By Chris Moon
It is not every day someone retires from 50 years as a law enforcement officer, including 20 as the local sheriff . . . and decides to devote his retirement to lay ministry in the church.
But that’s exactly what Dave Phalen has planned.
“Wherever the Lord leads me. He kind of can surprise us sometime,” said Phalen, who just retired as sheriff in Fairfield County, Ohio, and serves as an elder with Fairfield Christian Church in the city of Lancaster.
Phalen set aside his badge after 50 years in law enforcement and he did so with the intention of devoting more of his time to church ministry. He and his wife have been members of FCC for 30 years.
Dean Woodward, lead pastor of Fairfield Christian Church, said his own “eyebrows are still growing back” from an impassioned devotional Phalen recently gave about one’s service to Christ.
“If he ever wanted to serve Christ more, it is now,” Woodward said of Phalen. “He’s still got a lot left in the tank.”
Serving Christ is nothing new to Phalen.
FROM D.C. TO COLUMBUS TO LANCASTER
A Columbus, Ohio, native, Phalen e HeH took his first law enforcement job in 1970 as a member of the Metropolitan Police Department in Washington, D.C. He said it was a good place to learn how to be a police officer. The crime rate in the city was high, and he was assigned to an inner-city precinct.
But he grew homesick and took a job with the Columbus police department, where he served for 28 years, rising to the rank of lieutenant in the narcotics bureau.
At that time, he was recruited to run for sheriff in Fairfield County, which is just southeast of Columbus. Phalen ran for the office in 2000 and won. He was re-elected four times.
He lived his faith on his sleeve throughout his time as sheriff.
“It really gave me opportunities that I would have never had in terms of ministry because it gave me quite a platform, and it was all God. He led the way, and I tried to be obedient,” Phalen said.
For instance, Phalen started a jail ministry in the county that involved 12 churches. He started other programming in the jail as well.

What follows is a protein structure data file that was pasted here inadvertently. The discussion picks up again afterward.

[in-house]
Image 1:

Out of that, his wife, Loretta, began going to the jail on a regular basis to minister to the women there. She discovered many of those ladies would have nowhere to go upon leaving jail—except back “to their drug-dealing boyfriends,” Phalen said.
His wife then started a home for women who were released from jail.
“God just opened that door,” Phalen said. “I had enough connections to get that off the ground and get some sponsorship and get some churches involved.”
FAITH WITHOUT FEAR
Phalen said he rarely encountered difficulties in blending his faith into his political and professional life. Everyone in the county knew Phalen was a strong Christian.
“Overwhelmingly, it was supported,” Phalen said. “I tried to kind of go out of my way to share the gospel in a way that was appropriate.”
In the process, Phalen was invited at times to preach at area churches whenever local pastors needed a break or were out of town.
Phalen said he found it possible to live as a person of faith in a secular environment. Living one’s faith without fear is important, he said.
“I think by and large people have a certain fear where, for the most part, nothing (negative) materializes,” he said.
Phalen said the phrase, “With God, all things are possible” is inscribed on the business cards at the sheriff’s office. (That phrase is also Ohio’s state motto.)
“No one said too much about it,” he said. “If it’s for God, it’s going to be OK no matter what happens.”
Phalen added, “Prayer is the biggest time-saver. I just tried to pray those things up.”
And Phalen said he frequently prayed with people while on the job. No one ever refused a prayer.
“And I’ve had some pretty hardened deputies in my office who were going through battles. And they’ve always been very receptive,” he said.
TURNING ATTENTION TO CHURCH LIFE
Now that he’s free from his day job, Phalen plans to turn his attention to church life. He and his wife will be taking over the church’s mission team. He already has served in numerous capacities in the church, from security to the greeting team.
And, of course, he’s an elder in the church.
Woodward, the church’s pastor, said Phalen always has stood behind him as he’s led the church. Phalen, he said, brings with him a lot of wisdom in leading strong men. Fairfield has a staff of 20, as well as a Christian school with 500 students and 100 faculty members.
“He’s so helpful to me,” Woodward said. “God is lighting his pilot again. We’re so thrilled about that, that he’s not done. We always say if you’re not dead, you’re not done.”
In that sense, Phalen embodies a lesson for Christians entering into retirement and wondering how to spend their time. Phalen said he is pleased he’ll now have more time to spend with people than he was able to while serving as sheriff.
“You always get more out of it than you put in,” he said. “Retirement is a wonderful opportunity to do those things you couldn’t do before, and to slow down a little bit to take more time with people. . . . This gives me an opportunity to do more one-on-one ministry.”